Failure to promptly report income is the major area of welfare fraud prosecution (see Ch.10 "Fraud and Prosecutions"). Claimants who reason that the income 'will be exempt from deduction anyway' and therefore 'it does not need to be reported' are risking a great deal and quite often deluding themselves. Remember that it is not "chargeable" income that must be reported - but "income" (ie. gross income), and it is for the administrator to decide (subject to appeal) what is chargeable and what isn't.

The safest approach for a recipient is to:
  1. report all income as soon as it is received (in writing, keeping a copy);

  2. report all claims and future potential income (in writing, keeping a copy) as soon as the claim or the potential arises or as soon thereafter as is reasonable in the circumstances (eg. report a motor vehicle accident promptly after it occurs);

  3. income received should not be spent until welfare has a chance to rule on its treatment.
Generally, administrators expect income to be reported in the same month that it is received.

Let the administrator make it's determination on how it will treat the money (ie. as chargeable in whole, part or not at all). If the recipient disagrees with that determination then that should be appealed (see Ch.10: "Appeals and Other Remedies") to the Social Benefits Tribunal through the normal procedure. In my experience welfare usually make the right call the first time around, and in fact are often generous in their interpretation of the law and policy in favour of the recipient. That is, inadequate welfare rates are caused primarily by absurdly-low budgetary requirement levels, and not by aggressive administrator application of the chargeable income rules.
In fact, this sometimes generosity can actually be a problem if a later file review reverses the administrator's earlier position, and an overpayment is assessed. Administrators no longer (they used to under the old General Welfare Assistance Act) accept 'their error' as a defence to an overpayment (an exception to the above-mentioned generosity).
The above practices should protect the recipient from income-related fraud allegations.

3. Earnings Income Treatment

(a) Overview

"Earnings" for the following purpose includes both gross employment and training program income (ie. wages before source deductions) and/or net income (income minus legitimate expenses) from self-employment (ie. a business) [for a detailed discussion of the law respecting business income treatment - esp. regarding expense treatment - see s.9 below: "Common Income Situations: Business Income Treatment"].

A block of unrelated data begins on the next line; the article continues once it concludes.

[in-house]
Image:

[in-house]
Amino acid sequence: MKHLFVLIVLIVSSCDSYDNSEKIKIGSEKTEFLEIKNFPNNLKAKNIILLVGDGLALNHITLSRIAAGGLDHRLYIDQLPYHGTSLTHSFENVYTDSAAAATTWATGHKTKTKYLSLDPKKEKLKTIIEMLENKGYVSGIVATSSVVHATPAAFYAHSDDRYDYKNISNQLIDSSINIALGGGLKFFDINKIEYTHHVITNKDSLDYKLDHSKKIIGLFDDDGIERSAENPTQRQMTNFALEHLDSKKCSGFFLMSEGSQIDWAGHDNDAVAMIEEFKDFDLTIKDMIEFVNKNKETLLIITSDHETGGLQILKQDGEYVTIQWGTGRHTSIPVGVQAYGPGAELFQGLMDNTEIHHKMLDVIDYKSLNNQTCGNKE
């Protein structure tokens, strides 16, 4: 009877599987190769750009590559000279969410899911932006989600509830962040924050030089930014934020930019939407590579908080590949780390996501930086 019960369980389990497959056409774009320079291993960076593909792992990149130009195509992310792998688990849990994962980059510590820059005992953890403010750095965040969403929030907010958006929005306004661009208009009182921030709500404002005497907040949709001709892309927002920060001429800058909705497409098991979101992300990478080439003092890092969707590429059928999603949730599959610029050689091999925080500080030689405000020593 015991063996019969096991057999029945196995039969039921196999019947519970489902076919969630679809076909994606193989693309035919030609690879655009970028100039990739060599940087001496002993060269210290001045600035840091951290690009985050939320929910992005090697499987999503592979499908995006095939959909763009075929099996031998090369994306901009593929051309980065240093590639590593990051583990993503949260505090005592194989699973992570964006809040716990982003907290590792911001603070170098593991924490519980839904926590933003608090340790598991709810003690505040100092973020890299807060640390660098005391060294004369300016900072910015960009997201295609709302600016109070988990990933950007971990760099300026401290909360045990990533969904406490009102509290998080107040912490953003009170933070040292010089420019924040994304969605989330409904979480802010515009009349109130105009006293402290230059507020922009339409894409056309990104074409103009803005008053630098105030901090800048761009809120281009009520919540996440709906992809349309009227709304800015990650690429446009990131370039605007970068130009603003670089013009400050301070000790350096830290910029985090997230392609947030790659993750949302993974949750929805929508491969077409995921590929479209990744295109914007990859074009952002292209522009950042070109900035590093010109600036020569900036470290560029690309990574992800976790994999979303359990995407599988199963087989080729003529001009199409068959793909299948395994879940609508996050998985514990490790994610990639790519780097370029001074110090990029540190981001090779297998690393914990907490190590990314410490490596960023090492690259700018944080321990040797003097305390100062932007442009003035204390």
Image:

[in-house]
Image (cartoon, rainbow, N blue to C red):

'Earnings' however does not include benefits or payments under any income replacement scheme or program, such as "employment insurance benefits and benefits or payments under the Canada Pension Plan and the Workplace Safety and Insurance Act, 1997." [Reg 49(2,3)].

Three staged levels (ie. applied in succession) of exemptions apply to earnings income. These staged exemptions reflect a policy of encouraging and assisting recipients to work by allowing them to keep some of their earnings free from 'chargeability' [Reg s.49].

The three stages of earnings exemption are:
  • source deductions;
  • flat-rate deduction;
  • child-care deductions.
There are also some categorical income exemptions explained in subsection (e) "Categorical Exemptions") below.

(b) Source Deductions

This deduction reduces gross earnings income by amounts for: income tax, CPP, employment insurance, pension contributions and union dues.

For employees, this is really just a determination of "net" employment income (ie. after "source deductions"), and is usually as simple as looking at the amount payable on a paycheque. For business income it involves more complex (and estimated) determinations of year-end liability for income tax and CPP contributions.

(c) Basic Earnings Exemption

The first $200 of any net employment earnings (what you have left after you apply the source deduction exemption, above) by each adult member of the benefit unit are exempt income. After that, 50% of the remainder is also exempt.